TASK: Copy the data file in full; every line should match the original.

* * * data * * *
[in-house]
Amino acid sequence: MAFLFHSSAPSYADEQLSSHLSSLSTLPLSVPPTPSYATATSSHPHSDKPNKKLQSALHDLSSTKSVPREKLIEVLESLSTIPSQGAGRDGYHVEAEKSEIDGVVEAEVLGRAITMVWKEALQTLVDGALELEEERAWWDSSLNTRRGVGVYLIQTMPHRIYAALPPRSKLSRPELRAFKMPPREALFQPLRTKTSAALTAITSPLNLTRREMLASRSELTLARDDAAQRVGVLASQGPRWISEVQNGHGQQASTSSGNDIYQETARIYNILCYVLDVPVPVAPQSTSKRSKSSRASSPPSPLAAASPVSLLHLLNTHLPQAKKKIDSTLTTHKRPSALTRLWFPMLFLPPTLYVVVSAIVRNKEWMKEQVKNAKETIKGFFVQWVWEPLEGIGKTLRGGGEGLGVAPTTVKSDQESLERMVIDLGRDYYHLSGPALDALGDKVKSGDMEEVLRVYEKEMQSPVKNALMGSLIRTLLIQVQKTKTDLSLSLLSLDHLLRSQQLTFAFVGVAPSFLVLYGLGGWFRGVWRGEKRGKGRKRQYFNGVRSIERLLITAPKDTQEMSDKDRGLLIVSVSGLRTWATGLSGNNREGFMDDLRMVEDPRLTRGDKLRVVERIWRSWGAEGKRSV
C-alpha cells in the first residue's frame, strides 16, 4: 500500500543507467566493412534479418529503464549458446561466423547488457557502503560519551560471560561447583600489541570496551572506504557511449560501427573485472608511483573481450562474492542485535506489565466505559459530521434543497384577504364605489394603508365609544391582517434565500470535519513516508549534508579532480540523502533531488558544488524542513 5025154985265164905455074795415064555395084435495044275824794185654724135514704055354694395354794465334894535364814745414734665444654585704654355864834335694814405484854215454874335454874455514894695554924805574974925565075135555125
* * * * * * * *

[in-house]
Amino acid sequence: MAFLFHSSAPSYADEQLSSHLSSLSTLPLSVPPTPSYATATSSHPHSDKPNKKLQSALHDLSSTKSVPREKLIEVLESLSTIPSQGAGRDGYHVEAEKSEIDGVVEAEVLGRAITMVWKEALQTLVDGALELEEERAWWDSSLNTRRGVGVYLIQTMPHRIYAALPPRSKLSRPELRAFKMPPREALFQPLRTKTSAALTAITSPLNLTRREMLASRSELTLARDDAAQRVGVLASQGPRWISEVQNGHGQQASTSSGNDIYQETARIYNILCYVLDVPVPVAPQSTSKRSKSSRASSPPSPLAAASPVSLLHLLNTHLPQAKKKIDSTLTTHKRPSALTRLWFPMLFLPPTLYVVVSAIVRNKEWMKEQVKNAKETIKGFFVQWVWEPLEGIGKTLRGGGEGLGVAPTTVKSDQESLERMVIDLGRDYYHLSGPALDALGDKVKSGDMEEVLRVYEKEMQSPVKNALMGSLIRTLLIQVQKTKTDLSLSLLSLDHLLRSQQLTFAFVGVAPSFLVLYGLGGWFRGVWRGEKRGKGRKRQYFNGVRSIERLLITAPKDTQEMSDKDRGLLIVSVSGLRTWATGLSGNNREGFMDDLRMVEDPRLTRGDKLRVVERIWRSWGAEGKRSV
C-alpha cells in the first residue's frame, strides 16, 4: 500500500543507467566493412534479418529503464549458446561466423547488457557502503560519551560471560561447583600489541570496551572506504557511449560501427573485472608511483573481450562474492542485535506489565466505559459530521434543497384577504364605489394603508365609544391582517434565500470535519513516508549534508579532480540523502533531488558544488524542513 5025154985265164905455074795415064555395084435495044275824794185654724135514704055354694395354794465334894535364814745414734665444654585704654355864834335694814405484854215454874335454874455514894695554924805574974925565075135555125